One reason for the emergence of advisory firm consolidators is that many in the next generation of professionals are either unwilling or unable to buy into the practices that employ them. If this is our reality, what does it forebode for the independent financial services profession? What will young advisors do if they remain employees and not principals? What will owners do without successors in place to purchase the firm?
While statistics from a variety of studies do not validate a massive trend toward firm sales to roll-ups, there is evidence that young advisors feel stymied in their efforts to acquire interests in their firms. The obstacles are not constructed by firm owners alone, however; many of the barriers are self-imposed by the young advisors. This scenario frustrates firm founders as well as the people they employ.
Why are young advisor’s reluctant buyers? There are four big reasons:
1. The high cost of purchasing an ownership interest
2. The desire to own 100% in a smaller firm over a minority stake in a larger firm
3.The perception that ownership means “more work”
4. A sense of entitlement that their labor has earned them equity in the enterprise
An obsession with the financial aspects of the business begins early in an advisor’s career. It starts with a feeling of being underpaid, proceeds to an illusion that his contributions have saved the business from ruin, and culminates in the belief that several years of toil add up to thousands of dollars in sweat equity that should be paid out in shares in the company. This combination of emotional and financial angst often creates great stress for both the current and prospective owners.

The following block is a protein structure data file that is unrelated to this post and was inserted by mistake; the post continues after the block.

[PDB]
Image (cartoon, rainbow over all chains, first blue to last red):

Cost to Purchase
It is generally true that sellers of advisory firms have an inflated perception of firm value which, for some reason, has not been tempered by the market disruption we’ve experienced of late. Many sellers calculate that their years of pain growing the business, plus their assets under management, plus their personal reputation, plus the sacrifices they made to hire the young advisor in the first place, add up to a valuation that will ensure their financial independence through their retirement years.
Further, they are certain that others in the industry have sold their practices for high multiples of revenue and cash on the barrelhead. This assertion is usually the opening volley in negotiations with younger prospective partners who challenge the asking price. When prospective buyers calculate the cost of purchase based on the current perception of value, they cannot make the numbers work.
Even when the valuations and terms are reasonable, young buyers still balk because they are uncomfortable with the risk of such a large outlay. To overcome this obstacle, both buyer and seller must approach the price in a more rational way, and structure the terms of purchase so that the seller receives fair value for the risk he is taking in self-financing the sale, and the purchaser may meet his obligations out of the cash flow from the business. But the young buyer should also frame their decision in the context of a personal financial plan, and make decisions based on his own risk tolerance and their immediate future needs for liquidity.
The Desire to Own It All